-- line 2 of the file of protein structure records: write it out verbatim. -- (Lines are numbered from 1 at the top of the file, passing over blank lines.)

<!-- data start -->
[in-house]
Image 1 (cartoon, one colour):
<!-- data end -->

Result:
Image 1 (cartoon, one colour):